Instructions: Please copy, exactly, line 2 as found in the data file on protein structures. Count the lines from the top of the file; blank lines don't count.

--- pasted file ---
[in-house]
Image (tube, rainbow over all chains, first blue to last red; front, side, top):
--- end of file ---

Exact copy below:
Image (tube, rainbow over all chains, first blue to last red; front, side, top):